By Anna Rebecca Solevåg
In Birthing Salvation Anna Rebecca Solevag explores the subject of childbearing in early Christian discourse. The booklet maps the significance of women's childbearing in Greco-Roman tradition and exhibits how childbearing discourse interfaces with salvation discourse in 3 early Christian texts: the Pastoral Epistles, the Acts of Andrew and the Martyrdom of Perpetua and Felicitas. problems with gender and sophistication are explored via an intersectional research. specifically, the establishment of slavery, and its implications for concepts approximately salvation in those texts are drawn out. Birthing Salvation bargains clean interpretations of those texts, together with the atypical assertion in 1 Tim 2:15 that girls "will be kept via childbearing."
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Extra info for Birthing Salvation: Gender and Class in Early Christian Childbearing Discourse
Southern Illinois University Press, 1980). See also Bassler, who uses the terms “equality,” “autonomy” and “freedom” to describe the community behind these texts. Jouette M. Bassler, “The Widows’ Tale: a Fresh Look at 1Tim 5:3–16,” Journal of Biblical Literature 103, no. 1 (1984): 24. ” Rosemary Rader, “The Martyrdom of Perpetua. A Protest Account of Third-Century Christianity,” in A Lost Tradition. Women Writers of The Early Church, ed. Patricia Wilson-Kastner, et al. (New York: University Press of America, 1981), 3; Ross Shepard Kraemer, Her Share of the Blessings.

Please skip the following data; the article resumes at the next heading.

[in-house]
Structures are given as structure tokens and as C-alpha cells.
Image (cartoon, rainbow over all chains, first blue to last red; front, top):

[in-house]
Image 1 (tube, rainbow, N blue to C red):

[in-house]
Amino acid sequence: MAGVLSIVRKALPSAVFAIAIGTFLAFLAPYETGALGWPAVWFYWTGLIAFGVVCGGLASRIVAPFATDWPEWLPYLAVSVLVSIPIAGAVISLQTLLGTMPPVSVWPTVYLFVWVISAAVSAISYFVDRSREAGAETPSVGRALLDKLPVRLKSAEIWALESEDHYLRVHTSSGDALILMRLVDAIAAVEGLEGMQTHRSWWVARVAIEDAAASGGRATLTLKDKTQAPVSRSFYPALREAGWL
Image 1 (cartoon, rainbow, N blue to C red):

See also Tilley, “The Passion of Perpetua and Felicity,” 848–849. 72 Perkins, The Suffering Self. Pain and Narrative Representation in the Early Christian Era, 28–30. 73 Perkins, The Suffering Self. Pain and Narrative Representation in the Early Christian Era, 102. 74 For this and the following quotation: Perkins, The Suffering Self. Pain and Narrative Representation in the Early Christian Era, 125, 39. 75 Andrew S. Jacobs, “ ‘Her Own Proper Kinship’: Marriage, Class and Women in the Apocryphal Acts of the Apostles,” in A Feminist Companion to the New Testament Apocrypha, ed.
63 In Cooper’s understanding, these texts are neither ascetic nor liberating for women— in so far as they are interested in women at all. She argues that the women’s asceticism is only a rhetorical device. The Acts use continence as a narrative strategy to challenge the social order of the city and to posit the apostle as morally superior to the elite men who oppose his message: “The challenge by the apostle to the householder is the urgent message of these narratives, and it is essentially a conflict between men.
Birthing Salvation: Gender and Class in Early Christian Childbearing Discourse by Anna Rebecca Solevåg